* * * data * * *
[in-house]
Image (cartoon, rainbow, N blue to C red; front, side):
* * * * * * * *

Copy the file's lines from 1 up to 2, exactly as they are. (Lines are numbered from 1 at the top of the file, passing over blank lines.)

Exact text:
[in-house]
Image (cartoon, rainbow, N blue to C red; front, side):